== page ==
consonant

[kon-suh-nuhnt]

noun

Phonetics.
  1. (in English articulation) a speech sound produced by occluding with or without releasing (p, b; t, d; k, g), diverting (m, n, ng), or obstructing (f, v; s, z, etc.) the flow of air from the lungs (opposed to vowel).
  2. (in a syllable) any sound other than the sound of greatest sonority in the syllable, as b, r, and g in brig (opposed to sonant).Compare vowel(def 1b).
  3. (in linguistic function) a concept empirically determined as a phonological element in structural contrast with vowel, as the b of be, the w of we, the y, s, and t of yeast, etc.
a letter that usually represents a consonant sound.

adjective


Origin of consonant

1350–1400; Middle English consona(u)nt (< Anglo-French) < Latin consonant- (stem of consonāns, present participle of consonāre to sound with or together). See con-, sonant
Related formscon·so·nant·like, adjectivecon·so·nant·ly, adverbun·con·so·nant, adjective

Synonyms for consonant

3. concordant, congruous, conformant.

Antonyms for consonant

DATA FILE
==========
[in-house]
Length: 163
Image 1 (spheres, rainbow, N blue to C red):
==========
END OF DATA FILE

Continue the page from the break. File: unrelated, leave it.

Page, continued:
Dictionary.com Unabridged Based on the Random House Unabridged Dictionary, © Random House, Inc. 2019


Examples from the Web for consonant

Contemporary Examples of consonant

Historical Examples of consonant


British Dictionary definitions for consonant

consonant

noun

a speech sound or letter of the alphabet other than a vowel; a stop, fricative, or continuant

adjective

(postpositive; foll by with or to) consistent; in agreement
harmonious in tone or sound
music characterized by the presence of a consonance
being or relating to a consonant
Derived Formsconsonantly, adverb

Word Origin for consonant

C14: from Latin consonāns, from consonāre to sound at the same time, be in harmony, from sonāre to sound
Collins English Dictionary - Complete & Unabridged 2012 Digital Edition © William Collins Sons & Co. Ltd. 1979, 1986 © HarperCollins Publishers 1998, 2000, 2003, 2005, 2006, 2007, 2009, 2012

Word Origin and History for consonant
n.

early 14c., "sound other than a vowel," from Latin consonantem (nominative consonans), present participle of consonare "to sound together, sound aloud," from com- "with" (see com-) + sonare "to sound" (see sonata). Consonants were thought of as sounds that are only produced together with vowels.

adj.

early 15c., from Old French consonant (13c.), from Latin consonantem (nominative consonans), present participle of consonare (see consonant (n.)).

Online Etymology Dictionary, © 2010 Douglas Harper